Learn how to make homemade snickerdoodles perfectly from scratch – with or without cream of tartar. These popular old-fashioned cookies are soft, chewy, and coated with a delicious cinnamon-sugar mixture, plus, they are easy to make!
Think of something sweet you’d like right at this moment. Now imagine coating it with cinnamon-sugar. Doesn’t it already sound much better? If your answer is yes, then you’re going to love these cookies because they are the best snickerdoodle cookies out there. Plus, with such a whimsical name like snickerdoodle, who could possibly resist them?
What is a snickerdoodle?
Old-fashioned snickerdoodles are chewy sugar cookies coated in a cinnamon-sugar mixture. The batter is basic and easy to make. While some recipes use shortening as the fat, I like the taste of pure butter in my cookies.
The difference between a sugar cookie and a snickerdoodle
Snickerdoodles are sometimes confused with sugar cookies since they share the same basic ingredients – flour, butter, sugar, eggs, and vanilla. However, there is one distinctive ingredient that a snickerdoodle has that a sugar cookie doesn’t, and that is cream of tartar.
Cream of tartar and substitutions
Cream of tartar gives the snickerdoodle its traditional tangy taste and adds to the chewiness of the cookie. If you want to make snickerdoodles without cream of tartar, you can substitute the cream of tartar AND the baking soda with 2 teaspoons of baking powder. So, if you’re looking for a classic snickerdoodle recipe, use cream of tartar. If you just want a delicious cookie and don’t care about the old-fashioned taste, feel free to substitute the cream of tartar with baking powder, but don’t forget to omit the baking soda. I tried making these cookies using baking powder, and they were still chewy and delicious. In all honesty, I even enjoyed them just as much as the classic snickerdoodle cookies.
More tips on how to make snickerdoodles
Once you’re done making the dough, it should be quite firm and thick. If it’s too soft, chill it in the fridge for 1-2 hours until firm, or even longer. If you bake the cookies while they’re soft, they’ll spread. The thicker they are, the softer and chewier their centers will be, and the happier you and your guests will be.
Next, you’ll need to roll the cookies in the cinnamon-sugar mixture, which is best part if you ask me. 1 tablespoon of cinnamon may sound a lot, but I love cinnamon. You can start by adding 1-2 teaspoons of cinnamon to the sugar, then keep adding more until you like the flavor.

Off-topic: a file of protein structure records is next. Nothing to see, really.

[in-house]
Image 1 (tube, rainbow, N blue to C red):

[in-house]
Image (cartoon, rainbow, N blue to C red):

Start watching the cookies after 8 minutes in the oven. The edges should just begin to brown and the interior should look soft. For the best texture we want a crispy edge, but a chewy, soft center. The longer you bake them, the crispier they become.
More Cinnamon Goodies:
- 2 3/4 cups (370 g/13 oz) all-purpose flour
- 2 teaspoons cream of tartar* (see notes for substitution)
- 1 teaspoon baking soda*
- 1/2 teaspoon salt
- 1 cup (2 sticks/230 g) unsalted butter, softened to room temperature
- 1 1/2 cup (300 g/10.5 oz) granulated sugar
- 2 large eggs , at room temperature
- 1 teaspoon pure vanilla extract
- 1/4 cup (50 g/1.8 oz) granulated sugar
- 1 tablespoon ground cinnamon
- In a medium bowl, sift together flour, cream of tartar, baking soda, and salt. Set aside.
- In a mixer bowl fitted with the paddle attachment, beat butter and sugar on medium speed for 2-3 minutes, until light and fluffy. Add eggs, one at a time, beating well after each addition. Beat in vanilla extract. Add flour mixture and beat on low speed just until combined. Do not over mix.
- If the dough is soft at this point, chill in the fridge for 1-2 hours or until firm. This step results in thicker cookies that will spread less while baking.
- Preheat oven to 375F/190C. Line 2 pans with parchment paper.
- Make the cinnamon-sugar mixture: In a small bowl, toss together sugar and cinnamon.
- Shape the dough into balls, 1.5 tablespoons each (use an ice-cream scoop or heaping tablespoon), roll them in the cinnamon-sugar mixture, and place on the cookie sheet. Using your hands or the bottom of a glass, very slightly flatten each cookie, leaving them thick. Bake for about 8-10 minutes, until cookies begin to brown at the edges but the center is still soft. Cookies will appear undone but will continue to bake on the warm baking sheet. Leave cookies to cool on baking sheet for 10 minutes, then gently transfer to a wire rack to cool completely.
- Store cookies at room temperature in an airtight container for up to 3 days. Cookies can also be frozen for up to 2 months.
* Cream of tartar is used in traditional snickerdoodle recipes and gives it the cookies a unique tangy taste and chewy texture. Still, you can substitute the cream of tartar AND the baking soda (leave out both) with 2 teaspoons of baking powder.